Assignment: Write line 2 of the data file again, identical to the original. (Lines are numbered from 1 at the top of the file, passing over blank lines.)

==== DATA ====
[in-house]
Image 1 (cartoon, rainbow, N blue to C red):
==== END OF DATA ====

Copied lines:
Image 1 (cartoon, rainbow, N blue to C red):